“OH GOD KILL IT WITH FIRE.”
It can be rough out there for single Americans, to the point that you can pretty much will below-average R-rated comedies into existence just by giving it a name of “How to be Single.”
There are millions of Americans for whom the dating scene oscillates between shitty Tinder dates and long, depressing walks through parks that are impossibly filled with happy couples while “Raindrops Keep Falling on My Head” plays from an unseen speaker system that somehow seems to be following you everywhere you go (it’s actually being played through an iPhone of a kid that their ex paid to follow them around to torment them because their ex is a goddamn monster).
For many in this position, it seems like every product on the market other than two buck Chuck and Sharper Image neck massagers are happy-couple focused items that just rub your singledom in your face. Goddamn it, most couples don’t even want to buy a tandem bike, why are you putting out a full page ad for one in this week’s Maxim?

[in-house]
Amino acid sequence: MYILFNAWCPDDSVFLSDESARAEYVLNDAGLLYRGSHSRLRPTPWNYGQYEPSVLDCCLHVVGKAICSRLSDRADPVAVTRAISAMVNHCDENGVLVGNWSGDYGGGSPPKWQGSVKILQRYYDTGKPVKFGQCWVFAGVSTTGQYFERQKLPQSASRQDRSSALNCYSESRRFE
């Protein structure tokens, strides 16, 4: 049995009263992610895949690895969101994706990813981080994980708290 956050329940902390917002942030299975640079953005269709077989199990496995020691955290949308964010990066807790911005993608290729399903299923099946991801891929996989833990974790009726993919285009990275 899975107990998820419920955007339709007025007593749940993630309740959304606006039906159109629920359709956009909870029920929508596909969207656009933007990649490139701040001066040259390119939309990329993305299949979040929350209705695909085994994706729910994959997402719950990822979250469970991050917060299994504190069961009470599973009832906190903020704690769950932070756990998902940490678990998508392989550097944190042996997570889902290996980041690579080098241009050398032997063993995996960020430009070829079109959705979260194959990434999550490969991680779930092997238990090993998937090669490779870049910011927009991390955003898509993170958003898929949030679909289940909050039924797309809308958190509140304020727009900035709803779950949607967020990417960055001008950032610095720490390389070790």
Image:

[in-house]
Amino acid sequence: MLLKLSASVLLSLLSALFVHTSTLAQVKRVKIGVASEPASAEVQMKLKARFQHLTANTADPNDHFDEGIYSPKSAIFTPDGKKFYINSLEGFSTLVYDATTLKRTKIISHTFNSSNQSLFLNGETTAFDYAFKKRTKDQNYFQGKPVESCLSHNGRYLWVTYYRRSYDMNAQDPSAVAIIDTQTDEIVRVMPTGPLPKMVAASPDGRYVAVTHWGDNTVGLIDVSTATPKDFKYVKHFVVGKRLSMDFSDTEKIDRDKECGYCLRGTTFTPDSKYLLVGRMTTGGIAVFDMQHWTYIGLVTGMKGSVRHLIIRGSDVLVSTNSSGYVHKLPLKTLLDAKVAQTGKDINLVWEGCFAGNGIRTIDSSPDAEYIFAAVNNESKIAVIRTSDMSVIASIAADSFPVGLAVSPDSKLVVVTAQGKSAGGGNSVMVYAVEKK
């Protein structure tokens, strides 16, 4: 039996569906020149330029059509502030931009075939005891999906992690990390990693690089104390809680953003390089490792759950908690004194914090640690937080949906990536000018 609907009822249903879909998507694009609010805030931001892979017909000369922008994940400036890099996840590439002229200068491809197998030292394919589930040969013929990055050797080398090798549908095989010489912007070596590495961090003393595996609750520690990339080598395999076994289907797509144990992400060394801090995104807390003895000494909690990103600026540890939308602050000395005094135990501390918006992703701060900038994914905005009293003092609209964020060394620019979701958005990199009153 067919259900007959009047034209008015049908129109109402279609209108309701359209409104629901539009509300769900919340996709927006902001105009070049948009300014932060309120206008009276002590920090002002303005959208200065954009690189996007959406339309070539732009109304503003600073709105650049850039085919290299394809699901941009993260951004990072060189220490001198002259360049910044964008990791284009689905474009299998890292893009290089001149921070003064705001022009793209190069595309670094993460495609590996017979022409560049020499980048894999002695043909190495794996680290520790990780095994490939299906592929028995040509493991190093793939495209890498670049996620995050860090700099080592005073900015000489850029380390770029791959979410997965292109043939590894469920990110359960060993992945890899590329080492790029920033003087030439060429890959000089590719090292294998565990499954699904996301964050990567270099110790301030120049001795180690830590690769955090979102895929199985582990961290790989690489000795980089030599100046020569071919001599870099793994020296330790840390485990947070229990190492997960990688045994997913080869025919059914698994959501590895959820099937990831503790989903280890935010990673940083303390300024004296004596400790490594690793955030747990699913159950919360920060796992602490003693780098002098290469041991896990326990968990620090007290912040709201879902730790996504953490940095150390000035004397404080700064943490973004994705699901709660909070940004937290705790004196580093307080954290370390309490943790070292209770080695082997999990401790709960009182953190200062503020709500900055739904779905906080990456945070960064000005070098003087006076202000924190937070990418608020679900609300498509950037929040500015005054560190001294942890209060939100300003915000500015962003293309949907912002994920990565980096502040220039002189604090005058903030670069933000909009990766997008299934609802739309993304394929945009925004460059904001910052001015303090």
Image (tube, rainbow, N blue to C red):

The point being, 50% of Americans are single, and those 50% are distributed between Americans in relationships, Americans who don’t want to settle down and want to “live the single life,” and Americans who feel, well, kind of lonely about their lack of a mate.
There’s also like, the five people who say they’re “single and ready to mingle” while doing that finger-guns thing, but there’s pending legislation going through the senate to ensure that those guys get their US citizenship removed.
But of those three groups of unmarried Americans, it’s, not surprisingly, the lonely people that can end up being a bit forgotten and left behind. Sure, Buzzfeed is legally required to post a Liz-Lemon-gif-heavy article about “13 signs you’re an introvert” every month, but ever since Netflix got claimed by people using it to have sex, it’s hard for lonely people to find products and services that are really tailored for them.
Thankfully, entrepreneurs are starting to realize that there’s a huge untapped marketplace, filled with young, active Americans with gobs of disposable income not going towards Valentine’s Day gifts and wedding planning and *pauses and changes course once we notice that our single readers have begun sobbing*. Unfortunately, most of these entrepreneurs are goddamn psychopaths, and their cure for loneliness is nightmare fuel.